In part one, I shared my views on whether international law is really law. As promised, this post cuts into the conversation on whether international law matters.
Violations of international law lead many to question its effectiveness. Non-compliance especially by powerful states reinforces the instrumentalist view which characterizes international law as a strategic instrument of statecraft. States make laws that serve their material interests. Compliance takes place as long as it is convenient.
I am not going to downplay the negative implications of non-compliance for the international social order. But violations are only part of the picture. There are also cases of costly compliance. IL scholars Jutta Brunnee and Stephen Toope’s book, for example, shows that compliance also takes place because states feel an internalized sense of legal obligation to comply. My own work demonstrates that while some politicians are instrumental compliers calculating the costs and benefits of compliance, others are dutiful compliers motivated by a sense of legal obligation. Derek Beach shows that some EU members have complied with the rulings of the ECJ even though compliance was costly. Of course, Thomas Frank and others have long pointed to instances of costly compliance. Violations of international law make the news. Costly compliance often doesn’t. To have a fuller picture on the effectiveness of international law, we should also look at the “dog that didn’t bark in the night.”
Further, it is critical to appreciate those functions of international law other than the binding function. Focusing on the binding function of law alone impedes a full understanding of the ways in which international law shapes state behavior. International law also has an expressive function. The expressive function of law refers to its ability to change the social meaning of a given behavior. International law expresses what is expected of “good members” of the international community or of a “good partner” in a bilateral relationship. It communicates which norms and values are that tied to a virtuous state identity. There are at least three ways in which the expressive function of international law can affect state behavior. By expressing what is right and what is wrong, international law can reconstitute state preferences. By articulating what good members of the international community should do, the law can increase the social and reputational costs of violating shared norms. And finally, the expressive function of law allows state and non-state actors to punish violators or at least forcefully demand an explanation. Drawing insights from domestic theories of expressive law, Michael Stein and Alex Geisinger have offered a theory of expressive international law that is worth exploring.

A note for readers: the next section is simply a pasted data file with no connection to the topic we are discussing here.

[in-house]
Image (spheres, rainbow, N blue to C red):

International law also has a communicative function as Kratochwill, among others, has observed. International law provides a normative framework that serves as a point of reference for states, conditioning their communication. It shapes the “public talk”, in Jennifer Mitzen’s words, among states, international organizations, and publics, and therefore is a crucial part of the international public sphere. Law creates a common language and a set of procedures that structure interstate diplomacy.
Is all this an effort to “save” international law to echo Andrew Guzman? I don’t think so. But is an effort to be fair to international law. More on international law coming soon…
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